U.S. Ambassador to the United Nations Andrew Young, in a speech at his alma mater, Howard University, yesterday urged black Americans to take a more active role in governing this country and in shaping U.S. foreign policy toward black Africans.
"We ought to get about the business of shaping the destiny of this nation because it has shaped us too much and we don't like the image," Young told an enthusiastic audience of students and faculty at the predominantly black university.
"Black men and women in the United States can never be free as long as black men and women in South Africa are not free," he said.
Speaking on broad foreign policy issues in a manner uncharacteristic of pervious, more cautious U.N. ambassadors, Young said there was no way of separating foreign affairs from gut domestic issues such as unemployment, and urged the students to lobby Congress and get involved in the political process.
He told the students to "see your congressman about repeal of the Byrd amendment," which makes it illegal for the U.S. to boycott Rhodesian chrome.
"The vote on the Byrd amendment," Young said, "is a vote on the commitment of the United States on majority rule in Africa. You can make an impact by letting your congressman and senator know that you are concerned."
We came out of the Kennedy and Johnson years with excellent domestic programs," the former Georgia congressman said, "but they foundered on the shores of Vietnam."
Young quoted the words of his late mentor, the Rev. Dr. Martin Luther King Jr., that "the bombs you drop in Vietnam will explode at home." He linked economic, racial and drug problems of the late 1960s and early 1970s to the Vietnam war, and added that ultimately "you pay the price with a Watergate at home."
Young expressed faith in the moral leadership of his fellow Georgian, President Carter and said that under the leadership of Richard M. Nixon and Gerald R. Ford, the nation became "morally retarded."
He said the black vote decided the election for Carter and "I don't know about you, but I'm not disappointed."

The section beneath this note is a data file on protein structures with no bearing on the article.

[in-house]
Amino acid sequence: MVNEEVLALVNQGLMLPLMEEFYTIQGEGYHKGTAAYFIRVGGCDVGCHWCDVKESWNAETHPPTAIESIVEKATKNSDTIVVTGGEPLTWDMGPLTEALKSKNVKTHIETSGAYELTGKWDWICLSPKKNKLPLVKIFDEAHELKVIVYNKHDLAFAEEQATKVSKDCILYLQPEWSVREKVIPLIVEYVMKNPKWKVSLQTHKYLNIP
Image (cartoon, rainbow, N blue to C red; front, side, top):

Young said that hardly a Cabinet meeting goes by without Carter asking the members, "'How are you doing in hiring minorities and women?'" (an area in which the President has been criticized for not fulfilling campaign promises).
"Perhaps this south Georgia President," he added, "might well be the one who can move this nation, with our help, beyond the stigma of race and class."
Just to elect the President, though, Young said, "doesn't assure that the kingdom has come. The burden is still on us to cry out for freedom and justice."
Young said that blacks, rightly, had been America's best critics, but "because this system has produced more than any other," they also "have a responsibility to be its best advocates."
To illustrate the need for young blacks to involve themselves in the world as it is, Young noted that at the corner of Jomo Kenyatta Boulevard and Uhuru Avenue in Nairobi there was a Kentucky fried chicken store.
"If you're going to be on this planet," Young said, "you can't escape from the man. You might as well deal with him right where you are."
He said that Alex Haley's book "Roots," "forced us together to understand the horror of slavery and our African identity," but he warned the students "not to get so absorbed that we forget we are Americans."
Young, who spoke without notes, made his remarks at a convocation noting Howard's 110th anniversary. Young, who graduated from Howard in 1951, received an honorary doctor of laws yesterday. He jokingly referred to the doctor of laws as his second honorary degree from Howard.
Recalling his days as a student there, Young talked about the enriching experience of meeting foreign students at the university, and said that when he went to Nigeria a few weeks ago it was "not as it I was going to a foreign land, but as if I was going to meet classmates and brothers."
The Nigerian ambassador to the United States, Edward Olusola Sanu, attended Howard when Young was there. The ambassador received an alumni postgraduate achievement.
Young also said that he was introduced at Howard to the nonviolent philosophy of Mohandas K. Gandhi, which he later put into practice with Dr. King as an official of the Southern Christian Leadership Conference.
When a former president of the university got to Gandhi in his chapel sermon, Young said, "I knew it was 10 minutes from lunch." After the audience laughed, Young added, "But something got to me and I checked out Gandhi and when I got to Martin Luther King I was ready."
Young ended his half-hour speech by saying, "We and all we stand for shall overcome." He was given a standing ovation.